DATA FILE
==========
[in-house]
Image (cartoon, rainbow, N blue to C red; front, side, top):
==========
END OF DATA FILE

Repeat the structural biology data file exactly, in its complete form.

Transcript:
[in-house]
Image (cartoon, rainbow, N blue to C red; front, side, top):